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Tranexamic acid: from trauma to routine perioperative use.

AbstractPURPOSE OF REVIEW:
Optimizing hemostasis with antifibrinolytics is becoming a common surgical practice. Large clinical studies have demonstrated efficacy and safety of tranexamic acid (TXA) in the trauma population to reduce blood loss and transfusions. Its use in patients without pre-existing coagulopathies is debated, as thromboembolic events are a concern. In this review, perioperative administration of TXA is examined in nontrauma surgical populations. Additionally, risk of thromboembolism, dosing regimens, and timing of dosing are assessed.
RECENT FINDINGS:
Perioperative use of TXA is associated with reduced blood loss and transfusions. Thromboembolic effects do not appear to be increased. However, optimal dosing and timing of TXA administration is still under investigation for nontrauma surgical populations.
SUMMARY:
As part of a perioperative blood management programme, TXA can be used to help reduce blood loss and mitigate exposure to blood transfusion.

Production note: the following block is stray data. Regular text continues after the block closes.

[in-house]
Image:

AuthorsJeff Simmons, Robert A Sikorski, Jean-Francois Pittet
JournalCurrent opinion in anaesthesiology (Curr Opin Anaesthesiol) Vol. 28 Issue 2 Pg. 191-200 (Apr 2015) ISSN: 1473-6500 [Electronic] United States
PMID25635366 (Publication Type: Journal Article, Research Support, N.I.H., Extramural, Review)
Chemical References
  • Antifibrinolytic Agents
  • Tranexamic Acid
Topics
  • Antifibrinolytic Agents (therapeutic use)
  • Blood Coagulation Disorders (drug therapy)
  • Hemostasis
  • Humans
  • Perioperative Care (methods)
  • Tranexamic Acid (therapeutic use)
  • Wounds and Injuries (therapy)

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